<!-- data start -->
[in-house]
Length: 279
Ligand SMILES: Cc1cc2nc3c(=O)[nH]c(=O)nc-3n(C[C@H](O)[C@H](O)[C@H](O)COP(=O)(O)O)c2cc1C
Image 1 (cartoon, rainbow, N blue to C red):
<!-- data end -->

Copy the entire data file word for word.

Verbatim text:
[in-house]
Length: 279
Ligand SMILES: Cc1cc2nc3c(=O)[nH]c(=O)nc-3n(C[C@H](O)[C@H](O)[C@H](O)COP(=O)(O)O)c2cc1C
Image 1 (cartoon, rainbow, N blue to C red):